Category Archives: Moon

Plato and the Alpine Valley, Feb 26, 2018

Plato and the Alpine Valley, Feb 26, 2018. RT Sony IMX224, 6 inch, F/8 with Televue 2x Barlow (F/16.). Best 25 out of 100 frames.

For this imaging session of the Moon, I wanted to try shooting at 2400 mm focal length using a 2x Barlow with my 6 inch, F/8 Newtonian scope and Sony IMX224 eyepiece cam.  This was done in preparation to get some shots of Jupiter I’ve been meaning to do.   Conditions for this session were marginal, at best, however.

I had clouds galore and seeing was very poor.   I only managed three captures before the clouds came in force and shut me down.   At least I got a chance to try the rig on something easy before I attempt capturing Jupiter with it.

I left the mount setup outside and took in the scope and laptop, thinking that I could get Jupiter when I woke up the following morning.   Unfortunately, the skies were no better than the night before and although I could see Jupiter, clouds were coming and going over it.   So, no luck with getting Jupiter, just yet.    Maybe next time…

Tycho Crater

Tycho Crater – Feb 26 2018. Best 25 frames of 100. RT Sony IMX224, 6 in, F/8 Newt.

A view of Tycho crater on the Moon taken Feb 26, 2018.   It was taken with a 6 inch, F/8 Newtonian and a RT Sony IMX224 eyepiece cam.    Best 25 frames out of 100.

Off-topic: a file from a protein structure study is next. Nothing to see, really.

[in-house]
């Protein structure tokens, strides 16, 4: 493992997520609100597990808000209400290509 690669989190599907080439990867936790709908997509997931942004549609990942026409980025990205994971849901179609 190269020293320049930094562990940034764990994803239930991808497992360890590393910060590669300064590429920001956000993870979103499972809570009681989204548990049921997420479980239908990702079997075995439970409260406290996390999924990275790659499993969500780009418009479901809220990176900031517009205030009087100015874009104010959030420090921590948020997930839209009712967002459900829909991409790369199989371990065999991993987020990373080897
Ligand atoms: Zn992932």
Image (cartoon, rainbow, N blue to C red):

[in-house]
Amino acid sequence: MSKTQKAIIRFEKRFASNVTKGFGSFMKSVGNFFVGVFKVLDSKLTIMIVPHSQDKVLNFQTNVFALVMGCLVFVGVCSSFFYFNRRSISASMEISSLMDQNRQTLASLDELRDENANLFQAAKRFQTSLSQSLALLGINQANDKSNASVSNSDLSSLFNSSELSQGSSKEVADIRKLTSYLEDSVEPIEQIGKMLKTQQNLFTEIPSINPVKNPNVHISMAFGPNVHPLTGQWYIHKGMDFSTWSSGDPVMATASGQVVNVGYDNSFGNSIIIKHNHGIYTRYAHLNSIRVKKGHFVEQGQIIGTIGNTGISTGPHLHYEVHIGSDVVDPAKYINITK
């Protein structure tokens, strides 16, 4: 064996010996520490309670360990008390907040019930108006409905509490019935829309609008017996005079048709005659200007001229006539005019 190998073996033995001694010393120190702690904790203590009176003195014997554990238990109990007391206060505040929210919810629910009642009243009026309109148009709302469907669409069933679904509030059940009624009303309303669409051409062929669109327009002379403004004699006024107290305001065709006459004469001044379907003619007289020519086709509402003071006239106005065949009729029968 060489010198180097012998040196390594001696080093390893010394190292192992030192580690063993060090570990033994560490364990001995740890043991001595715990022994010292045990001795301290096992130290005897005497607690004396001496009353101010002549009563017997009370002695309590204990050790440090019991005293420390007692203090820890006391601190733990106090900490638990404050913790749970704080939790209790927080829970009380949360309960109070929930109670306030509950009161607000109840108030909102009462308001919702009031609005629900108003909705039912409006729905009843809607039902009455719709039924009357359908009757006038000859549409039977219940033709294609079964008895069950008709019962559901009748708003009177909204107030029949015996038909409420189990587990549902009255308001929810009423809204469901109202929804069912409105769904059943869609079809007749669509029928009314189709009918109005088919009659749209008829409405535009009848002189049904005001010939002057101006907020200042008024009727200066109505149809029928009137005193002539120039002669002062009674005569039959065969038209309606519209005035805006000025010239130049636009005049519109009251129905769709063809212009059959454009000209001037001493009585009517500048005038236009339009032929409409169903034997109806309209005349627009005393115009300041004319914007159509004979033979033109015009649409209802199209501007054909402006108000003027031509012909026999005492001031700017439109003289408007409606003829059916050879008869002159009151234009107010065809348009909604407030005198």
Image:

Moon At 1200mm F.L.

Northern area of the Moon taken on Feb 26, 2018. RT Sony IMX224, 6in, F/8 Newt, best 16 frames of 100.

First of 3 videos of the moon captured towards the end of February, 2018.  Poor conditions, but I was just testing a rather long 6 inch, F/8 Newtonian on the Atlas EQ-G mount.   Pretty shaky rig, but usable for moon and planetary imaging.

Another Supermoon?

Yep, the Supermoon lives again. 50 frames stacked per panel and two panels for this shot (top and bottom.)

The moon still appears full and tonight (Sunday, Dec 3, 2017) is supposed to be the night when it is actually at its largest and closest to Earth at perigee.

It looked bigger to me the night before, but I guess that was because the weather was better.   🙂   To find out, I made an animated GIF that compares the 4 days worth of images:

Animated GIF of the Moon for 4 days starting with Nov 30 and ending on Dec 3, 2017.

It does look like the 4th moon is bigger than the others!   So, it was worth it to re-setup the scope and get the shot.   Lucky for me the sky cleared long enough to do it.   Later that evening, the clouds arrived in force and it hasn’t been clear since.